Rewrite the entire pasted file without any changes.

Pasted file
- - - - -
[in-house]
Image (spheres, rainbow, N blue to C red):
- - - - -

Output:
[in-house]
Image (spheres, rainbow, N blue to C red):